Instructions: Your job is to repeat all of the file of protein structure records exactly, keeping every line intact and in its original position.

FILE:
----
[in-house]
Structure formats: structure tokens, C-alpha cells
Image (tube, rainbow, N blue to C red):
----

[in-house]
Structure formats: structure tokens, C-alpha cells
Image (tube, rainbow, N blue to C red):